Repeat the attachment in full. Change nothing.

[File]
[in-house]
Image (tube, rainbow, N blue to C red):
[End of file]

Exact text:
[in-house]
Image (tube, rainbow, N blue to C red):